Shot over a period of three weeks around the South Island of New Zealand, you know that place where they shot those movies. Yeah, those ones. This film highlights some of the amazing scenery found in and around the Catlins Forest Park, Fiordland NP, Queenstown, Mount Aspiring NP, Mount Cook NP, Arthurs Pass NP and Castle Hill Reserve.
Just how awesome would this film be if every water shot had a kayak or canoe in it? Super awesome.
Anybody who has spent time in the outdoors can relate when I say that mosquitoes are the scourge of the earth.
But just because we hate them and we know they suck, doesn't mean they are not good for something.
In the video below Rose Eveleth shares a bunch of cool things about the worlds most hated bug next to the Blackfly along with why it probably isn't a good thing to have them completely wiped off the face of the earth.
If you are anything like me, your mind wanders quite a bit when out paddling. For example, I often get stuck trying to figure out what exactly Eddie is singing in Pearl Jam's "Even Flow". I don't think we will ever figure that one out to be honest.
One day earlier this summer while out on a day trip I got to thinking about the clouds in the sky and trying to imagine now much water is up there. So imagine my excitement when I found the video below that answers the question, how much does a hurricane weigh?
Spoiler alert: they weigh a lot.
Sign #122 that you don’t spend enough time in nature: You don’t know the difference between a bird and a barbeque cover.
I always knew that Dragonflies were enemies to insects but I had no idea they were as cold, calculating and viscous as they actually are.
The top-10 list website, Listverse has set of 10 surprising facts about dragonflies. Here is my favourite fun-fact from the list:
Fact: They Can Isolate Their Prey in a Swarm
Dr. S.D. Wiederman discovered when he began studying the way Emerald dragonflies select their prey. Curious about the way dragonflies hunt, Dr. Wiederman and his team placed a nano-electrode inside the visual processing neuron of a dragonfly. They then positioned the "subject" in front of a TV monitor with two moving objects.
In simple nervous systems, multiple objects tend to fade out; the insect can’t handle the attention multitasking. But dragonflies have the ability to switch their attention between objects at will. Under observation, the dragonfly focused first on one object, then shifted to watch the second, then shifted back to the first again, never losing track of where they were. This selective attention span allows the dragonfly to single out one target in a swarm, then zero in on it exclusively-while remaining aware of the rest of the swarm to avoid a collision.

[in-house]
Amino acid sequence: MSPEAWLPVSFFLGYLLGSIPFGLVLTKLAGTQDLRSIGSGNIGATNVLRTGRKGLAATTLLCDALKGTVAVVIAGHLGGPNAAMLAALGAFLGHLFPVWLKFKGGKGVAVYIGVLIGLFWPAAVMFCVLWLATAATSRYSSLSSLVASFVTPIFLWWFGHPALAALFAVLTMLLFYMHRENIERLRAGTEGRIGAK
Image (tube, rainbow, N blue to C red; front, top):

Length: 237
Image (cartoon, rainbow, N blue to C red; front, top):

All I can say is thank goodness that they are not big enough to hunt us.
More dragonfly fun-facts on Listverse.
Photo credit: Dragon Fly | Flickr by meke http://creativecommons.org/licenses/by-nc-sa/2.0/deed.en_CA / CC BY-NC-SA 2.0
Don’t let the recent poor press steer you wrong. The Cook County Forest Preserve is still a family friendly place despite the occasional discovery of a dead body. Adventure awaits kids!
I’m pretty sure this is what happens every September once all the people drives back to the big city at summers end.
Photo credit: imgur.com
I saw this tweet and discovered the most lovely little critter Otter (sorry nature lovers) I have seen in a very long time. Makes me want to pick him up, give him a big squishy bear hug and take him home to play with.
Thanks to @BoxyButGood for letting me post it.
Archaeologists from Boston University have recently uncovered what they feel could be the oldest campfire ever. Located in Wonderwerk Cave, located in the Northern Cape Province of South Africa, they found ash of grass, leaves and bone fragments at a depth of 30 meters - roughly one million years ago.
The excavated area is located far enough back in the cave to be out of reach of lightning strikes and has tested negative for bat guano (which can spontaneously combust in sufficient quantities), "This left us with the conclusion that the fire had to have been created by hominins," says Berna. "The fire was only confirmed when the sediment was analysed at the microscopic level. It is possible that the reason we have not yet seen more evidence of early fire use is because we have not been using the appropriate methods," he continued.
Derna's findings were published today in Proceedings of the National Academy of Sciences, and while many archaeologists agree that the evidence does suggest that hominins did use fire in the cave one million years ago, there is still debate on whether or not the early people mastered the flame sufficiently to cook regularly.
Flickr Photo Credit: Doug Beckers
If you got a job this summer to be a guide on the ocean make sure you print off or memorize this handy-dandy chart to help tell the difference between "octopuses," "octopi," and "octopodes". Click on the image below to see the full size version.
This is critical training as you don’t want to ever want to get it wrong in front of your clients.
Flickr Photo Credit: Octopus Eye by you are your atman - Creative Commons by-nc-sa/2.0/deed.en_CA / CC BY-NC-SA 2.0